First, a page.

Check out my story here. Frankly I’m proud of how this one turned out considering the circumstances surrounding it. Plus I was able to do a cool thing by attaching the full report to the article online as we had somewhat advanced access to it.

You can also see my full archive of work for the Daily Titan over on the right!

If all works out, I might just have more to share later this week as Comm 471 attempts to roll out some big stories for Comm Week.


P.S. For those curious, the hematologist was good and we extended my between check-up visits window to six months rather than three like we were on. Can’t complain about that.

 

April 10, 2018 Article Published

Boy it has been a while since I’ve gotten anything up here, hasn’t it?

I could wax on for a while about how I’ve been really busy with school and haven’t had the time to blog anything… But I’ll probably be complaining about how busy I was yesterday when working on this story so I don’t want to bog things down too much.

That said.

Yesterday I was super busy.

Monday’s have been a massive time suck for me this semester thanks to having classes blocked from 11:00 a.m. (requiring my morning to begin at 9:00 a.m. at least due to my commute) to 5:00 p.m., but yesterday added an extra commitment.

After that last class of the day I also had to cover a story from 5:30 p.m. to about 8:30 p.m. A story that was due on deadline that night, which left me also hanging out at the newsroom until 11:30 p.m. or so.

Hence why I slept in so late today and haven’t gotten to this blog post until now.

The late night event I covered started as a little bit of connective serendipity. Paolena, one of our writers on the paper from last semester and a friend I was in a few classes with before that, hit me up because an old source she had talk to pitched a story.

That student was Sara Salinas, the president of Cal State Fullerton’s Generation United Nations group. GenUN was hosting a resource fair with local school clubs and nonprofit organizations to bring attention to work on the homeless situation in Orange County in light of recent events at the Santa Ana riverbed.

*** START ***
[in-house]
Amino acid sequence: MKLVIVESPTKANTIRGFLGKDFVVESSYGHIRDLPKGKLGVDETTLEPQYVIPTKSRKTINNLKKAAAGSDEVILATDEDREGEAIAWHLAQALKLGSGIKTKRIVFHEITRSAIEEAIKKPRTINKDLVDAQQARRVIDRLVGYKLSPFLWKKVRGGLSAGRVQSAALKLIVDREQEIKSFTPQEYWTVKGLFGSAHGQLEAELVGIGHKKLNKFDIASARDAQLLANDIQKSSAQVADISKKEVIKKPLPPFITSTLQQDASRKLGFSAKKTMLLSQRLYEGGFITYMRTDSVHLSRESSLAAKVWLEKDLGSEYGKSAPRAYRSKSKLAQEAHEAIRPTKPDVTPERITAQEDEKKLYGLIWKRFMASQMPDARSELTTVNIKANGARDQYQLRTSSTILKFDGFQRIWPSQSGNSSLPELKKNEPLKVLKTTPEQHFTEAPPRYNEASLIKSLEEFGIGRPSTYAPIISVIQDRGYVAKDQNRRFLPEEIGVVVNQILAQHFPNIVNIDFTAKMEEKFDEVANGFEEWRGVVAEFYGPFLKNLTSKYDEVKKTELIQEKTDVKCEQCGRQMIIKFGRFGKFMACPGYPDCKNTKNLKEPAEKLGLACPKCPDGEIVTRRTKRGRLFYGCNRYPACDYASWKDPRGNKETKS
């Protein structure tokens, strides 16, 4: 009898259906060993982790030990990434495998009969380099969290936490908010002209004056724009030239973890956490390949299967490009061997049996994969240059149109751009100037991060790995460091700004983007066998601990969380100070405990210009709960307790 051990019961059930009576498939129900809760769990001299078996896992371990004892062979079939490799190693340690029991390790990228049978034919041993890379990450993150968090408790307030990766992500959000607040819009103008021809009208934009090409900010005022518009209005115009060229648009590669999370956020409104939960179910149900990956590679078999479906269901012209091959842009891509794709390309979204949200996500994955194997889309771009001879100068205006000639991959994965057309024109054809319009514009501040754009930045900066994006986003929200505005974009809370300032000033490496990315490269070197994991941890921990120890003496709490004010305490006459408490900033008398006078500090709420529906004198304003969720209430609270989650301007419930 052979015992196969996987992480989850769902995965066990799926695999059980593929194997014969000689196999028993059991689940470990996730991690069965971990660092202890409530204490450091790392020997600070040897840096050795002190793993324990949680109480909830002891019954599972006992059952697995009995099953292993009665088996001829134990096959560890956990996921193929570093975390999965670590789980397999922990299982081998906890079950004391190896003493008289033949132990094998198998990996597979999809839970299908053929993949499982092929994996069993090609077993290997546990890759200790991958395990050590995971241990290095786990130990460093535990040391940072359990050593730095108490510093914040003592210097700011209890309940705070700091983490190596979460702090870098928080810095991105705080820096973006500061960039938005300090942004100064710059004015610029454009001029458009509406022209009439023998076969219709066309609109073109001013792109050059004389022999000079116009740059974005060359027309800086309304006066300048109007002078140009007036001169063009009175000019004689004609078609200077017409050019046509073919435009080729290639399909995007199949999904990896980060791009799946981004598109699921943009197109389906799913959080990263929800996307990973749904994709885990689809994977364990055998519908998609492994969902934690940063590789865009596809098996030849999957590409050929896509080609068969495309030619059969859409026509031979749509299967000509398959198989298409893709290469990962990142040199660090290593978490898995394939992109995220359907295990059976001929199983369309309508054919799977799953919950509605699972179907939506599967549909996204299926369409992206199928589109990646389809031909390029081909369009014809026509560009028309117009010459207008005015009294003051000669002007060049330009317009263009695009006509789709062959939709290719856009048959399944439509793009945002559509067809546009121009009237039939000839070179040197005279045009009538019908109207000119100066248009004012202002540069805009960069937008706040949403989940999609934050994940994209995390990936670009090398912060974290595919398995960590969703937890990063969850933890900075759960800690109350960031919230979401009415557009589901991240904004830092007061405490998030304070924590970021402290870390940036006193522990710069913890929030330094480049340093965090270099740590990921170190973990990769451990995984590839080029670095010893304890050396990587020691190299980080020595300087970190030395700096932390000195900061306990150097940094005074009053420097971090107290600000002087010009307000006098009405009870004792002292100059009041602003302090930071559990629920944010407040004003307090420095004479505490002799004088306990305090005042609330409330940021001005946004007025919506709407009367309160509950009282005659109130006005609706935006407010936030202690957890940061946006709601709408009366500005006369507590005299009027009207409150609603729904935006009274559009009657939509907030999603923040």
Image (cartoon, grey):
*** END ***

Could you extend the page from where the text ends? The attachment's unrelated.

The story of putting this article together was actually an interesting one. 99 percent of what I perceived the piece was going to be was written over the weekend using pre-reporting information. I didn’t want to be stuck too deep in the trap of boring, basic event coverage, so I tried to build up some background regarding the OC homeless situation.

Of course having that basic story drawn up was beneficial, but it discounted the fact that I got way more good stuff at the event itself than I had expected to.

One of the more disappointing things about how the piece turned out was that I think it got cut a little too trim in the editing process. I had a bunch of really nice conversations that didn’t wind up making it in the final version: With CSUF students interning at HIS House, with a representative of City Net, with a formerly homeless student and with the secretary of GenUN who brought everyone together.

I tried to remedy some of that with additional photos and embedded tweets in the online version of the story, and by passing some names along for potential future articles, but I still think this article could have been more substantial.

Despite that, I really like how it turned out given the wider focus of the issue adding onto the event coverage, so I’ll leave it at that and hope I at least did everything justice.

If you want to check out my story in its entirety, you can read it here. You can also see my full archive of work for the Daily Titan over on the right!

April 2, 2018 Articles Published

I have an unexpected two-for-one deal for everyone in the audience today.

That’s right, one newspaper, two Jason-branded stories. Deal of the century folks, I can tell you that much now!

… Okay, so I guess that’s not really a novel situation for me to be in all things considered, but it really did come up at the last-minute in today’s case. See, it all began with an unfortunate bit of timing.

Though it wasn’t exactly ‘unfortunate’ for me necessarily. But I’m overly qualifying each statement at this point so I’ll stop fooling around.